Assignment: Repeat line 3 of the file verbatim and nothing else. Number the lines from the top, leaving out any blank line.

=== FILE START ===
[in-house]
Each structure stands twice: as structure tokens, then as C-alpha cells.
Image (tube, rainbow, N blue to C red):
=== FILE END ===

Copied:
Image (tube, rainbow, N blue to C red):